“Peach Orchard Hill Cemetery” Eric recorded in our deed, though the peaches had died in an ice storm decades ago. Carolyn, a doctor, entered the death certificate data online. Harry dug the grave with his backhoe: his first for a human. He encountered no stones. He brought 2x4s and ropes for lowering. Gilbert, who’d baked our wedding cake, fashioned a trundling board instead of a coffin: $75 for
shiplap boards; soft boat ropes to spare the pallbearers’ hands.

Nodding to Jewish tradition, Linda bought fine linen for the shroud, and downloaded instructions for folding. My sister Evelyn sewed the pieces. When we wrapped him, Emily added his Red Sox cap and a baby blanket. When all was ready, Jeremy drove his truck up the hill, carrying the pallbearers and his late best friend. Climbing after him, we noticed Jeremy had mown hearts in the grass all the way the grave.

Backed by wind, my sister sang Rachmaninoff’s Vocalese. Richard was eased down and festooned with grave goods: his antique Roleiflex, his lefty baseball glove, his hairbrush, a handgun, a Lonely Planet guide to Barcelona. Sadie read “Ten Good Things about Grandpa:” bacon, swearing, me. The Mourner’s Kaddish. I picked up a shovel. The concertina squeezed out spritely tunes as 10 of us shoveled half-an hour, leveling the ground, lightening our grief.

I fell for you the way apples topple to a tarp:

soft landing, syncopated laughter.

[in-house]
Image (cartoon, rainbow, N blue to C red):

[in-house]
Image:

Love is the wave from spring to cider:

flesh to blessing, ripe to keep.

A Note to Readers: Reviewing Bernd Heinrich’s Life Everlasting: The Animal Way of Death for Northern Woodlands, I learned how all living beings nourish each other in death, except “civilized” people. Our “green burial” made sense, and the continuity of care nurtured our community. While grieving, we savor our days more deeply.

A Google search for “Home Burial” leads to Robert Frost’s bleak, brilliant poem about the unraveling of a marriage following an infant’s death. Further cyber-digging turns up practical information and passionate testimonials from those who have taken death into their own hands. The Funeral Consumers Alliance, a national advocacy organization for choosing “a meaningful, dignified, affordable funeral,” provides information on home burials through their local affiliates. The National Funeral Alliance is a nonprofit with a mission to “educate the public to their choices and provide clear information about all things relating to home funerals.” Contact your state’s health department for more information on local home burial ordinances where you live. — Verandah Porche

Poet Verandah Porche’s books include Sudden Eden and The Body’s Symmetry. Reprinted from Northern Woodlands (Spring 2016), a quarterly magazine that offers a new way of looking at the forest.